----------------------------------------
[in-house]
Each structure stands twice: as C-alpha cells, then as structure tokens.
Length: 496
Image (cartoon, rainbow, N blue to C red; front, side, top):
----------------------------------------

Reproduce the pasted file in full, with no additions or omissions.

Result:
[in-house]
Each structure stands twice: as C-alpha cells, then as structure tokens.
Length: 496
Image (cartoon, rainbow, N blue to C red; front, side, top):